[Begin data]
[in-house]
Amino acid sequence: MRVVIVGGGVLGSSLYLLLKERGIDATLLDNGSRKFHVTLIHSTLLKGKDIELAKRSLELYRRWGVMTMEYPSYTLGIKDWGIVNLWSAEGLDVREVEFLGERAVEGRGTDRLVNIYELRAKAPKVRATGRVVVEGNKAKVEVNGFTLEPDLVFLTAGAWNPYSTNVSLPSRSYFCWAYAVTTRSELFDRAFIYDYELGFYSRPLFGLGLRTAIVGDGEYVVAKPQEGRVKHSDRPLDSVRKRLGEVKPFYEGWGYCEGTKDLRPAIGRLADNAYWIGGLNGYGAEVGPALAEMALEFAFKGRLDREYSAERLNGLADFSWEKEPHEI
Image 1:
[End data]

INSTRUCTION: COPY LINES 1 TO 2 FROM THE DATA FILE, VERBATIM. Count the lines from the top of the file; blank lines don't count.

[in-house]
Amino acid sequence: MRVVIVGGGVLGSSLYLLLKERGIDATLLDNGSRKFHVTLIHSTLLKGKDIELAKRSLELYRRWGVMTMEYPSYTLGIKDWGIVNLWSAEGLDVREVEFLGERAVEGRGTDRLVNIYELRAKAPKVRATGRVVVEGNKAKVEVNGFTLEPDLVFLTAGAWNPYSTNVSLPSRSYFCWAYAVTTRSELFDRAFIYDYELGFYSRPLFGLGLRTAIVGDGEYVVAKPQEGRVKHSDRPLDSVRKRLGEVKPFYEGWGYCEGTKDLRPAIGRLADNAYWIGGLNGYGAEVGPALAEMALEFAFKGRLDREYSAERLNGLADFSWEKEPHEI